We were really happy that he could finally live outside from now on. He had always been on the fat side of the spectrum, and living in a tiny apartment wasn’t helpful, despite all the expensive diet and even organic raw food we tried on him.
So January first we landed in what is now Villa il Bacio del Lupo with our huge Brooklyn tomcat that soon enough combed out the premises. Spring sprang very early that year and Bébert left his spot on the stove to explore the vast outdoors. He soon learned that he had to share it with another tomcat Signor Rossi, a stray that had picked us out to take care of him. They became best frenemies, one moment horsing around in and out trees, the other moment beating the living daylight out of one another.
We had a beautiful though very warm spring and we all worked hard, except for the cats of course, whose job it was to jerk around and demand petting and food. At the end of spring my fiancé and me both had the feeling Bébert wasn’t happy. We told ourselves we were over protective and let it go until he slowly stopped eating little by little. We took him to the vet on a Saturday morning, since we didn’t want to spend the weekend fretting over our little friend.
We expected nothing more than a fever, or worse, a penis amputation because of earlier bladder problems he had developed in Amsterdam. Instead the vet looked worried and wanted to keep him for further tests. Within a couple of hours she was on the phone which I know is never a good sign. Our little boy wonder who was only 6 years old was diagnosed with cancer in his kidneys and it didn’t look good.
We got him home with prednison. So strange how cancer has the same patterns and even drugs for humans and animals alike. Still we were so happy to have him home. We had been very afraid he would die without first coming home. The vet said he had a couple of months at best, unless we started chemo. It took him only three very short weeks though. Three weeks in which we let him play outside at night, figuring it would be allright if wild boar or foxes would get to him before cancer did. I sat endlessly with him next to his feeding bowl, which now took him a day to finish and only if you sat next to him, petting his back, him sweeping his long tiger print tail in your face.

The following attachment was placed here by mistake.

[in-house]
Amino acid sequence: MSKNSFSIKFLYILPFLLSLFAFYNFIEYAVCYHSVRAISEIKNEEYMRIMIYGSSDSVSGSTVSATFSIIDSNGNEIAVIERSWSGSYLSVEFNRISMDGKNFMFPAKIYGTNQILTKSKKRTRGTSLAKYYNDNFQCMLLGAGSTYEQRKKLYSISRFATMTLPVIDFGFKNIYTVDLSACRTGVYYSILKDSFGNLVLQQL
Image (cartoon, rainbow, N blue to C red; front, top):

Friday night he started to walk with difficulty and began to throw up. He retreated to the farthest end of our house but would still purr with great enthusiasm when you petted him. Saturday morning came and he couldn’t walk anymore. We knew it was time, and for the last time we took him with us in the car, which he really never had learned to appreciate much. When we opened his pet taxi at the vets’ his eyes where flickering. The deposit of his kidneys had infected his brains. He was very afraid, our poor little boy and our wonderful vet didn’t want to keep him suffering. I took him on my lap, my fiancé and me sobbing like little kids. The vet gave him his final injection and there and then his life ended. Six months to the day he first set paw on Umbrian soil.
Spero che il suo piccolo spirito salti e corra ancore un po’ nei nostri prati! (Sylvia Mocci)